Robert Shiller, professor at Yale, published his book Irrational Exuberance in early 2000. In this book he poked holes in all of the Wall Street rational for stocks being as high as they were. His contention was that a feedback loop based on emotion led to this dramatic rise in the stock market. He effectively concluded that the “efficient market theory” was a load of crap. His own words were a little more professorial.

"The high recent valuations in the stock market have come about for no good reasons. The market level does not, as so many imagine, represent the consensus judgment of experts who have carefully weighed the long-term evidence. The market is high because of the combined effect of indifferent thinking by millions of people, very few of whom feel the need to perform careful research on the long-term investment value of the aggregate stock market, and who are motivated substantially by their own emotions, random attentions, and perceptions of conventional wisdom."

In the real world, people are not rational machines like Merton and Scholes believed. You can not model human behavior and capture the emotions that drive people to do certain things. This is very disappointing to academics and “scientists” at investment banks. Wall Street gurus declared that it was different this time. The internet era would usher in permanently higher profits and productivity. Once this lie had been perpetuated, Wall Street proceeded to fleece the public by doing initial public offerings of any ridiculous concept with a .com at the end of its name. Many of the IPOs soared by 500% to 1,000% on the day they were issued as day traders used margin to pump and dump these stocks. Average people gave up their jobs to day trade. backed raised $82.5 million in an IPO in February 2000 before collapsing nine months later. Online grocer Webvan raised $375 million in an IPO. Webvan came to be worth $1.2 billion (or $30 per share at its peak). The company closed in July 2001, putting 2,000 out of work. raised $166 million in a May 1999 IPO, but in the course of 16 months, its stock went from a high of $84 per share in October 1999 to a low of just 9 cents per share in February 2001. The event that marked the top was the acquisition of Time Warner by AOL in January 2000.

Professor Shiller’s opening question was: "Are powerful fundamental factors at work to keep the market as high as it is now... or is the market high only because of some irrational exuberance -- wishful thinking on the part of investors that blinds us to the truth of our situation?"

Professor Shiller then proceeded to methodically and convincingly prove that the market was grossly overvalued by every measurement used throughout the history of the stock market. The PE of the market reached 45 in early 2000. At the peak before the 1929 Crash, the PE had reached 35. There was absolutely no doubt that this bubble would pop. S&P earnings had fluctuated in a fairly narrow range throughout history, and have always reverted to the mean. By 2000, a complete disconnect had occurred between earnings and the level of the stock market. Shiller argued that “positive feedback loops” among investors led to herd like behavior and created a “naturally occurring Ponzi process”.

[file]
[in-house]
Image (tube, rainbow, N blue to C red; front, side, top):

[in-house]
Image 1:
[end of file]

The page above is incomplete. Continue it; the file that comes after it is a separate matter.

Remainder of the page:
All previous speculative peaks in 1901, 1929, and 1966 had resulted in subpar stock returns for the two decades following the peak. The peak reached in March 2000 far exceeded any previous peak in history. Millions of people piled into the stock market because they saw the media touting the success of others. A sort of collective delusion overcame the country. Shiller concluded that "The high recent valuations in the stock market have come about for no good reasons." He was right. The Dot-com bubble crash wiped out $5 trillion in market value of technology companies from March 2000 to October 2002. Communications companies overburdened by massive amounts of debt filed for bankruptcy. WorldCom, run by Bernie Ebbers, was found to have used illegal accounting practices to overstate its profits by billions of dollars. The company's stock crashed when these irregularities were revealed, and within days it filed the largest corporate bankruptcy in U.S. history. Ebbers went to prison. Wall Street “analysts” were discredited and some were prosecuted for touting worthless stocks as buys.

The trigger for the collapse was the six interest rate increases by Alan Greenspan in late 1999 and early 2000. He continued to increase rates until they reached 6% by late 2000. The collapse of the internet bubble, the resulting reduction in business activity, and the increase in interest rates combined to push the country into recession. Alan Greenspan and George Bush have one thing in common, they don’t believe in recessions. Greenspan rapidly decreased the Fed discount rate from 6% to 3.5% by September 2001.

Read PART 2 >